At the international level there are legally binding conventions, guidelines and international strategies that strengthen children’s rights and administer protection against the sexual abuse of children and adolescents as well as providing help and support. They include international treaties such as the UN Convention on the Rights of the Child, Council of Europe agreements such as the Lanzarote Convention or European directives such as the EU Abuse Directive, which must be implemented in German law.
The United Nations and children’s rights
One of the most important international agreements is the UNCRC (UN Convention on the Rights of the Child, which was adopted in 1989 and ratified by Germany in 1992.) The Convention on the Rights of the Child recognises children and adolescents as legal subjects in their own right. Children's rights are grouped into participation, promotion and protection rights.
Articles 19 and 34 are especially important for protecting children and adolescents from sexual violence. Article 19 governs the obligation of countries to protect children from all forms of violence, which includes sexual violence. Under Article 34 of the UNCRC, countries must explicitly commit to protecting children from all forms of sexual exploitation and sexual abuse. The UNCRC has been broadened by the addition of three more protocols in the meantime. The second of these protocols governs other rights of children, which concern the selling of children, child prostitution and depictions of abuse, i.e. so-called child pornography.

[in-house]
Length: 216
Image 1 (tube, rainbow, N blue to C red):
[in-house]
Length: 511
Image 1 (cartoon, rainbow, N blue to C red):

Signatory countries must report back to the UN Committee on the Rights of the Child once every five years about how they have implemented the UNCRC in their own country. Germany submitted its 5th/6th national reports about how the Convention on the Rights of the Child has been implemented back in 2019. The UN committee's final comments are expected in 2022.
History of children’s rights
It has only been agreed that children are subjects with their own rights since the 20th century. Up to then, children were always considered to be the property of their parents until they came of age. It was not until industrialisation and the introduction of compulsory education that society started to focus on children being legal subjects. The children’s rights movement was started by a British woman, Eglantyne Jebb, who founded the Save the Children Fund.
The League of Nations incorporated the Declaration of the Rights of the Child that was drafted by Eglantyne Jebb into its "Geneva Declaration" in 1924. Its principles form the basis of the UNCRC adopted by the UN General Assembly in 1989.
Children's rights explained to children
Children's rights dayEvery year on the 20th November, Germany, the United Nations and many other countries celebrate International Children's Rights Day. Demonstrations, events and festivities are held to draw the public's attention to child protection and children's rights issues. The date is the anniversary of the adoption of the Convention on the Rights of the Child by the United Nations General Assembly on the 20th November 1989. Some countries hold their Children's Day on a different day. Germany celebrates World Children's Day on the 20th September.
Implementing children’s rights in Germany
Germany ratified the UNCRC in 1992. It has applied unconditionally to all children in Germany since 2010. Under Article 4 of the UNCRC, Germany is obliged to implement the provisions of the Convention on the Rights of the Child in national law. Children's rights currently have the status of a simple law and, despite numerous attempts and commitments, they are not incorporated in basic law. Nevertheless, children's rights are stipulated in specific laws, e.g. in 15 of the 16 constitutions of the federal states, in the criminal code, in the civil code and in the eighth social code book.